An investigational drug made by Belgian pharmaceutical company Galapagos prevented further lung decline in patients with idiopathic pulmonary fibrosis, reports Pulmonary Fibrosis News.

Calling the results “extremely exciting, Toby Maher, a professor of interstitial lung disease at Imperial College London, said they exceeded those of previous studies.

“This brings hope to patients with idiopathic pulmonary fibrosis that new effective treatment may be on the horizon,” said Maher, who is also a consultant physician at London’s Royal Brompton Hospital. “Importantly, some patients even showed an increase of lung function within only 12 weeks of treatment, and the drug was well tolerated.”

GLPG1690 blocks the autotaxin enzyme, which researchers think helps cause fibrosis and disease progression in IPF. Measurements confirmed that the drug did work as intended, since the blood of treated patients showed an increase in a marker of autotaxin inhibition.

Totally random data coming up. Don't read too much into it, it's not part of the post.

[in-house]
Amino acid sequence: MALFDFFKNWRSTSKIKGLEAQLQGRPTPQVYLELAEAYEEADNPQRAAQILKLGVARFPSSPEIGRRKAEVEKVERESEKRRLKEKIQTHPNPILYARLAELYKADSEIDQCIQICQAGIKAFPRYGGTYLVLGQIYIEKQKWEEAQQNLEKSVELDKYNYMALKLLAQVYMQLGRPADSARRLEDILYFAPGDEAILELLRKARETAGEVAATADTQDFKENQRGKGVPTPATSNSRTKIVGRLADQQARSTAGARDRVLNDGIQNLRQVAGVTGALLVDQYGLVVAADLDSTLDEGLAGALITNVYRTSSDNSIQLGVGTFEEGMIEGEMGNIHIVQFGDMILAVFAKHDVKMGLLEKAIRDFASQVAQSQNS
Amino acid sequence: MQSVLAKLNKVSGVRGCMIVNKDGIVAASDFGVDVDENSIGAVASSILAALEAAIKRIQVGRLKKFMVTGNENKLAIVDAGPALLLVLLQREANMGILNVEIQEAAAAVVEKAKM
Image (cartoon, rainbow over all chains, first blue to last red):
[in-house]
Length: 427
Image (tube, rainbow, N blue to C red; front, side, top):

In addition, rates of patients stopping the treatment due to dverse events were similar in the two treatment groups (GLPG1690 and placebo), as were rates of serious adverse events.

Galapagos is now in talks with regulatory agencies to agree on the setup of a late-stage trial.

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